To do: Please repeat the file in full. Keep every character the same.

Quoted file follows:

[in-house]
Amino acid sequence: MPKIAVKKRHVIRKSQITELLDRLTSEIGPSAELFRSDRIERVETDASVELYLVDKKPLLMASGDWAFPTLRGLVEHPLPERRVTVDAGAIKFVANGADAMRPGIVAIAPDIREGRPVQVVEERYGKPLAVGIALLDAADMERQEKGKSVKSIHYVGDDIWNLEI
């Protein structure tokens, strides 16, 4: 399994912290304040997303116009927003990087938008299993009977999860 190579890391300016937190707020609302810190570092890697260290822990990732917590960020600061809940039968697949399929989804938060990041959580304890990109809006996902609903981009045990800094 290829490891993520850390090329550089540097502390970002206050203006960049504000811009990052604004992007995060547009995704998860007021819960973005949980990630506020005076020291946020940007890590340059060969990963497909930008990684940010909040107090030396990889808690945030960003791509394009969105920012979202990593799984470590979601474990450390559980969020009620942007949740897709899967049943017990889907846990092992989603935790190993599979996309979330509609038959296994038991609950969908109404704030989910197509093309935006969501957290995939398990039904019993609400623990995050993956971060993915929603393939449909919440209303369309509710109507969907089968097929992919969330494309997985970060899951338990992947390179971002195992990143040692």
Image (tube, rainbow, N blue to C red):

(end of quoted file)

[in-house]
Amino acid sequence: MPKIAVKKRHVIRKSQITELLDRLTSEIGPSAELFRSDRIERVETDASVELYLVDKKPLLMASGDWAFPTLRGLVEHPLPERRVTVDAGAIKFVANGADAMRPGIVAIAPDIREGRPVQVVEERYGKPLAVGIALLDAADMERQEKGKSVKSIHYVGDDIWNLEI
């Protein structure tokens, strides 16, 4: 399994912290304040997303116009927003990087938008299993009977999860 190579890391300016937190707020609302810190570092890697260290822990990732917590960020600061809940039968697949399929989804938060990041959580304890990109809006996902609903981009045990800094 290829490891993520850390090329550089540097502390970002206050203006960049504000811009990052604004992007995060547009995704998860007021819960973005949980990630506020005076020291946020940007890590340059060969990963497909930008990684940010909040107090030396990889808690945030960003791509394009969105920012979202990593799984470590979601474990450390559980969020009620942007949740897709899967049943017990889907846990092992989603935790190993599979996309979330509609038959296994038991609950969908109404704030989910197509093309935006969501957290995939398990039904019993609400623990995050993956971060993915929603393939449909919440209303369309509710109507969907089968097929992919969330494309997985970060899951338990992947390179971002195992990143040692």
Image (tube, rainbow, N blue to C red):